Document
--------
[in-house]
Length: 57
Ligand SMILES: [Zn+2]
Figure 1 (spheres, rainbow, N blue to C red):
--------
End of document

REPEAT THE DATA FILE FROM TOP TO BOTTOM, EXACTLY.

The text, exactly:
[in-house]
Length: 57
Ligand SMILES: [Zn+2]
Figure 1 (spheres, rainbow, N blue to C red):